You can interpret the opening line of SZA’s new album as both mission statement and preemptive defense. It plays backward first — “dnim fo etats a si ytiralc” — then forward — “clarity is a state of mind” — as if to illustrate its own point.
And it’s true. Have you ever been in a conversation with someone who cuts himself off mid-sentence, only to then reflect on the content of what wasn’t said? Or someone who makes quick associative leaps from thought to thought, vocalizing the end result but skipping over the logical connectors that got her there? Listening to SZA can feel a bit like this. Sometimes we can follow her train of thought, fill in the gaps of what isn’t said, and find a measure of clarity in her lyrics. More often, they remain out of reach — oblique, mysterious, unknown.
SZA (born Solana Rowe) reportedly writes her songs as freestyles — like a sort of automatic writing, dredging up idiosyncrasies and insights from her subconscious. At their best, her lyrics are filled with surreal imagery and striking expression — I’m thinking of “Aftermath” from last year’s S EP, on which she sang: “I apologize for waiting to tell you for so long I am not human/ I am made of bacon, fairy tales, pixie dust, I don’t feel.” And she studs her songs with mundane pop cultural references and observations, as on “Pray,” where she sang “Feeling like Topanga, Patti Mayonnaise/ Kind of average with queen qualities” (a strangely evocative line if you share SZA’s cultural reference points).
Now, on Z — her first release since signing with Top Dawg Entertainment last summer — SZA has tempered her most attention-grabbing lyrical impulses, but her songs remain impressionistic, subjective, and a bit scatterbrained. On the album’s opener, “UR,” Rowe’s writing is clipped and tangential: in the second verse, she follows a line about an overworked, overstressed woman struggling to keep up with her own demands (“Superficial superwoman/ Ain’t you tired of that wind in your face?”) with a sudden remembrance of a lover past (“Your skin tastes like Brussels sprouts, I’d swear/ Can’t seem to remember your face”). Elsewhere, she misuses language in an odd, playful way, as though it were the result of impish synaptic misfires. On the hook of “Childs Play,” for example, she ruminates on how things “used to was,” and on “Warm Winds” she wonders “what’s happening to we?”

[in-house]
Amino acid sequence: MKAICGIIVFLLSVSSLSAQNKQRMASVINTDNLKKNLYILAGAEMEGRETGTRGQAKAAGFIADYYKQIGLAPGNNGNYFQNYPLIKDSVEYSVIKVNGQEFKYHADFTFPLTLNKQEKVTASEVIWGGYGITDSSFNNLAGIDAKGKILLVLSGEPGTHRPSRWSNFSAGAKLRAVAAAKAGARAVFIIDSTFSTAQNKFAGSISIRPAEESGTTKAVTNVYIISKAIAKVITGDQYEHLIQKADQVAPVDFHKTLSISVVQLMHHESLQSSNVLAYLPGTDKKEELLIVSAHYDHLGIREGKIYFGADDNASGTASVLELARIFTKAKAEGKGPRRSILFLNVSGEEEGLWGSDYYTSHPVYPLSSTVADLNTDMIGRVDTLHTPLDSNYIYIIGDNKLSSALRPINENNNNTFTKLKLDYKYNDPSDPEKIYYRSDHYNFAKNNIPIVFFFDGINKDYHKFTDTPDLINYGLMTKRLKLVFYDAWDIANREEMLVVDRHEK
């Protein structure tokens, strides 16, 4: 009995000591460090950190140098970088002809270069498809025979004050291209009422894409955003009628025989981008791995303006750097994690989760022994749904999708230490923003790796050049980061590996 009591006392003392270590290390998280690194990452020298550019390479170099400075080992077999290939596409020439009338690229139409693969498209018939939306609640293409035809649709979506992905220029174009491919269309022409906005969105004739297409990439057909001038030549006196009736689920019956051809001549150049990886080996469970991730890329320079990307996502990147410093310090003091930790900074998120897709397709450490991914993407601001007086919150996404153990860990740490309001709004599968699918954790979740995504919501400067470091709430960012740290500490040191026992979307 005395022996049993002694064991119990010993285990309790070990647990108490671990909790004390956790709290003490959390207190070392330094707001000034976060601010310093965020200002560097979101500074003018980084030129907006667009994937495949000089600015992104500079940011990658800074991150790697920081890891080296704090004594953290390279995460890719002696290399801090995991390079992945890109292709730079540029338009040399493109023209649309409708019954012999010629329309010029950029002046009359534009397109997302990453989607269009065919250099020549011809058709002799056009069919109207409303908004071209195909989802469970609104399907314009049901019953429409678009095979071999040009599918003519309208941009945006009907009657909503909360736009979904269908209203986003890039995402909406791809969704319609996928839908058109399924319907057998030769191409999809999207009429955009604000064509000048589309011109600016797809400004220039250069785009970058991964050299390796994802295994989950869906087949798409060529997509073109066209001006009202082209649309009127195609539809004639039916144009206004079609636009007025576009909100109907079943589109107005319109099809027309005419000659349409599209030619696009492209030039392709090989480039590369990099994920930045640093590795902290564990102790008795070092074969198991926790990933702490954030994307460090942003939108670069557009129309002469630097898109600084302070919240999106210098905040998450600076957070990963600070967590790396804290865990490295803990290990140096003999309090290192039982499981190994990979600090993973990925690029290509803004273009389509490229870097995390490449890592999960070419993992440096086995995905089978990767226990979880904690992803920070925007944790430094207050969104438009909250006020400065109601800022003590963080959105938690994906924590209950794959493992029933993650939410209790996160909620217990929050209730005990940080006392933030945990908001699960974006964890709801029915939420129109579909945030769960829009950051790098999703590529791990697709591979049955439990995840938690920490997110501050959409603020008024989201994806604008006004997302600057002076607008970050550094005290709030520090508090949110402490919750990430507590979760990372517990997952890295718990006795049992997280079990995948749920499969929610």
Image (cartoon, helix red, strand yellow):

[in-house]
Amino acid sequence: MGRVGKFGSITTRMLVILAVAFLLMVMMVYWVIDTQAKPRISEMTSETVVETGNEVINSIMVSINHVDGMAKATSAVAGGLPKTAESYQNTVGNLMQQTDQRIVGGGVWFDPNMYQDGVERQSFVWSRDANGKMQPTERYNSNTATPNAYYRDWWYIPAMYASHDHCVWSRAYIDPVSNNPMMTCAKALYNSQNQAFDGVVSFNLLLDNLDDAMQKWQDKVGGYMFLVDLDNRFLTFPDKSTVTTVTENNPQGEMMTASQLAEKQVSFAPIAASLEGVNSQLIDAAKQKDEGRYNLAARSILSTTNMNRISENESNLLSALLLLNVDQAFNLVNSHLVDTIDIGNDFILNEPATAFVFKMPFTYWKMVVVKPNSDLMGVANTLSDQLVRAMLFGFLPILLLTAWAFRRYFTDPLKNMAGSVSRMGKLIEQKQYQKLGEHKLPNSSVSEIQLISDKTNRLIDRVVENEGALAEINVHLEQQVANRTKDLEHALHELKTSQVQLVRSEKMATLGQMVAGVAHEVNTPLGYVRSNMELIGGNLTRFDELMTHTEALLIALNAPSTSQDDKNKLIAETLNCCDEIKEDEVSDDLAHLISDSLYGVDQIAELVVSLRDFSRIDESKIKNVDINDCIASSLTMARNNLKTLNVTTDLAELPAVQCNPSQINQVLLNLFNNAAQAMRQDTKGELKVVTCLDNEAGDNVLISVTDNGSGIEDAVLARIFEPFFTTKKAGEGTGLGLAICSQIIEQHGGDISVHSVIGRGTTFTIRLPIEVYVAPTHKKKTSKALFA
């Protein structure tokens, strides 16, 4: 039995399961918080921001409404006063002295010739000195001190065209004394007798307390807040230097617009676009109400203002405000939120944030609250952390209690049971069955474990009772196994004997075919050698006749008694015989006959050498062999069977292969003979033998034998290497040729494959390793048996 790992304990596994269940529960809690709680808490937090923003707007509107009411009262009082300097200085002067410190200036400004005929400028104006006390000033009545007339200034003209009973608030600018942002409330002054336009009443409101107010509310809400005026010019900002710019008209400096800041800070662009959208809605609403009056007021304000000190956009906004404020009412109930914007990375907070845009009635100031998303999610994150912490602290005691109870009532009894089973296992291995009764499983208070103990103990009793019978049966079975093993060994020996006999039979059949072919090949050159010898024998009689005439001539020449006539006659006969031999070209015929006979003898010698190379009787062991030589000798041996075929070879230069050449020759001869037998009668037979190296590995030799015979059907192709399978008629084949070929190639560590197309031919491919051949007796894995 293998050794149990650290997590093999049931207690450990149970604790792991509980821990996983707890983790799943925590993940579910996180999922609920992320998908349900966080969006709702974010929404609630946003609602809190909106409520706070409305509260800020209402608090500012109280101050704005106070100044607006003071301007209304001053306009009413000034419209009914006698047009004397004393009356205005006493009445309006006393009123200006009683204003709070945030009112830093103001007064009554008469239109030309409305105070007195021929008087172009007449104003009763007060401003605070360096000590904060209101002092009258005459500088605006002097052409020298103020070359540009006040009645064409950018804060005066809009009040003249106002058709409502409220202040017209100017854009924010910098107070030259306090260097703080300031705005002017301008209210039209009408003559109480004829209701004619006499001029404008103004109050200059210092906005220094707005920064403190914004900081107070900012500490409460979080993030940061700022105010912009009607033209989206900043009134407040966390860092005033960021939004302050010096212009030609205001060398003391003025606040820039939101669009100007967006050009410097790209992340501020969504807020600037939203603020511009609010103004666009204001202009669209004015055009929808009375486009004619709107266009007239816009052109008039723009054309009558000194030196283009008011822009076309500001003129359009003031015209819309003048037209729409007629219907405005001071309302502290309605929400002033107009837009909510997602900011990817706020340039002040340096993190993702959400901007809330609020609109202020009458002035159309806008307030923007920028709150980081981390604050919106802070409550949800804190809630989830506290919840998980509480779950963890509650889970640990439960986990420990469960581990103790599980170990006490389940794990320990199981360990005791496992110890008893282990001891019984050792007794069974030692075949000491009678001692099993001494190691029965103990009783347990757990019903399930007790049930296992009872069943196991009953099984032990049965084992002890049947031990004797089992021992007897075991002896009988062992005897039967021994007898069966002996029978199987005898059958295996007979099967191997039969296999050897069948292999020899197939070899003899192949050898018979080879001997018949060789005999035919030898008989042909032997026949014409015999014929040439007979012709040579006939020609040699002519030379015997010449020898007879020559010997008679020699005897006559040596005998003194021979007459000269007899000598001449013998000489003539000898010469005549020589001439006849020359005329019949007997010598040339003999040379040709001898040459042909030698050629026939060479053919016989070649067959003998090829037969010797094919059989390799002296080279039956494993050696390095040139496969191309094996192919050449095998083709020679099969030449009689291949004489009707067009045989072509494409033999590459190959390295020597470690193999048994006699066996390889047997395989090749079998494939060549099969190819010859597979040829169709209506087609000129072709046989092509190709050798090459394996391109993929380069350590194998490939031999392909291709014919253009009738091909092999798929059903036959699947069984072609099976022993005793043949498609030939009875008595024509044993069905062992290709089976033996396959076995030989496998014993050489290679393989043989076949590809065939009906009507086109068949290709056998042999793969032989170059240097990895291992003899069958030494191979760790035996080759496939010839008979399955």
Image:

When everything comes together, Z reaches some rather lofty peaks. On the third track, “Julia,” SZA paints a bittersweet portrait of a relationship as uphill battle. “How could you forget that I’m the one who forgot all your mistakes,” she asks. On the chorus, she sounds a bit like Björk — a professed hero of hers — when she achingly belts out: “Didn’t I try ‘cause you wanted more?” “Julia’s” instrumental, by the often-excellent Felix Snow, is a bright, glassy throwback to 1980s Madonna or Fleetwood Mac’s Tango in the Night (an album Snow and SZA have repurposed in the past). On “Childs Play” — built on a downtempo sample of XXYYXX’s “About You” — SZA engages her schooldays Barbie dolls and video games for an extended metaphor, and is complemented perfectly by the low-key verbal acrobatics and soulful tone of Chance The Rapper.
Z stumbles in its second half, however. “Sweet November’s” Marvin Gaye instrumental doesn’t quite fit among the more modern, electronic productions found on the rest of the album, and SZA’s most compelling characteristics — her quirkiness, her seeming spontaneity — drown in the grand, overwrought production work of Emile Haynie and DJ Dahi.
After first listening to S last year, I was left with a great curiosity about the mind that had created it. It was by no means perfect, but its various components — the lyrics, the beats, the jarring samples from Rosemary’s Baby and Eartha Kitt — combined into something refreshingly unique. Z is a more diffuse effort covering a wider range of ground. SZA remains a captivating, interesting singer, but the focused singularity that made S such a rewarding listen is largely absent here. SZA is likely still finding her voice and figuring out what kind of instrumentals work for her best. So Z sounds to me like a transition, a step backward that could very well be followed by two forward.